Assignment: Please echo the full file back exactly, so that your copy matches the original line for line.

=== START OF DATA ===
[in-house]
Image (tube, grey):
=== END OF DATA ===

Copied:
[in-house]
Image (tube, grey):